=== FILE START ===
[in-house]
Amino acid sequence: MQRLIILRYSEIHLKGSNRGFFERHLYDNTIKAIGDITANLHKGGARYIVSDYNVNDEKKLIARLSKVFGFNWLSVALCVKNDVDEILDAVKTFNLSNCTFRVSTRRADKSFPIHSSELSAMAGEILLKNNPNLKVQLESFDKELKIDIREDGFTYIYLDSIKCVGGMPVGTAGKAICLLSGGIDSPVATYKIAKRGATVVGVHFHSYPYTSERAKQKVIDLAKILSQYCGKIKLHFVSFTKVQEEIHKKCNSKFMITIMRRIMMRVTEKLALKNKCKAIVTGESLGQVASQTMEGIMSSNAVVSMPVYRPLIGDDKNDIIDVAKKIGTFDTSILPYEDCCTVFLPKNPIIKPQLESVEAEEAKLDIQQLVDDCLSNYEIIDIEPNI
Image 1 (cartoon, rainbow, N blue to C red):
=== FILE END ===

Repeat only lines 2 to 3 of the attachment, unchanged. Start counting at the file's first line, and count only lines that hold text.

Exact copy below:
Amino acid sequence: MQRLIILRYSEIHLKGSNRGFFERHLYDNTIKAIGDITANLHKGGARYIVSDYNVNDEKKLIARLSKVFGFNWLSVALCVKNDVDEILDAVKTFNLSNCTFRVSTRRADKSFPIHSSELSAMAGEILLKNNPNLKVQLESFDKELKIDIREDGFTYIYLDSIKCVGGMPVGTAGKAICLLSGGIDSPVATYKIAKRGATVVGVHFHSYPYTSERAKQKVIDLAKILSQYCGKIKLHFVSFTKVQEEIHKKCNSKFMITIMRRIMMRVTEKLALKNKCKAIVTGESLGQVASQTMEGIMSSNAVVSMPVYRPLIGDDKNDIIDVAKKIGTFDTSILPYEDCCTVFLPKNPIIKPQLESVEAEEAKLDIQQLVDDCLSNYEIIDIEPNI
Image 1 (cartoon, rainbow, N blue to C red):